Views: 2460
Rating:
Posted By: Lava1964
Queen of Mean Convicted, 1992 Leona Helmsley, nicknamed the "Queen of Mean" by the press, receives a four-year prison sentence, 750 hours of community service, and a $7.1 million tax fraud fine in New York. For many, Helmsley became the object of loathing and disgust when she quipped that "only the little people pay taxes." Leona's husband, Harry, was one of the world's wealthiest real estate moguls, with an estimated $5 billion to $10 billion in property holdings. The couple lived in a dazzling penthouse overlooking Central Park and also maintained an impressive mansion in Greenwich, Connecticut. Leona, who operated the Helmsley Palace on Madison Avenue, was severely disliked by her employees. Though they lavishly furnished their homes and hotel, the Helmsleys were curiously diligent about evading the required payments and taxes for their purchases. Much of their personal furniture was written off as a business expense, and there were claims that the Helmsleys extorted free furnishings from their suppliers. Contractors were hardly ever paid on time-if at all-and many filed lawsuits to recover even just a portion of what they were owed. Leona reportedly also purchased hundreds of thousands of dollars of jewelry in New York City but insisted that empty boxes be sent to Connecticut so that she could avoid the sales tax. Given her offensive personality, many were quite pleased by Leona's legal troubles. Even celebrity lawyer Alan Dershowitz could not win her immunity from the law. Following her conviction, Federal Judge John Walker publicly reprimanded her, saying, "Your conduct was the product of naked greed [and] the arrogant belief that you were above the law." Leona Helmsley was sent to jail in 1992 and was released in 1994. In 2002, Helmsley, whose husband Harry died in 1997, again found herself in court after being sued by Charles Bell, a former employee who accused Leona of firing him soley because he was homosexual. A jury ordered Helmsley to pay him more than $11 million in damages. Helmsley died in August 2007 at age 87. She famously left $12 million to her dog, Trouble.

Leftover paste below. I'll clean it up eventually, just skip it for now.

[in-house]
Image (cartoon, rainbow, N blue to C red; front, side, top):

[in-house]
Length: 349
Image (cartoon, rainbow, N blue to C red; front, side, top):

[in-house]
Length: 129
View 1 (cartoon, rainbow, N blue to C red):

Tags: News 
Added: 4th December 2014
Views: 875
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Posted By: WestVirginiaRebel